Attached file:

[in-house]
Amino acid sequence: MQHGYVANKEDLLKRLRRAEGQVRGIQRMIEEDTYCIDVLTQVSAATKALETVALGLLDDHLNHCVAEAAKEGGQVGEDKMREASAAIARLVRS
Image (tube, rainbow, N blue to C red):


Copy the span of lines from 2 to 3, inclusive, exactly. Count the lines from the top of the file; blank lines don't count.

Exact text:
Amino acid sequence: MQHGYVANKEDLLKRLRRAEGQVRGIQRMIEEDTYCIDVLTQVSAATKALETVALGLLDDHLNHCVAEAAKEGGQVGEDKMREASAAIARLVRS
Image (tube, rainbow, N blue to C red):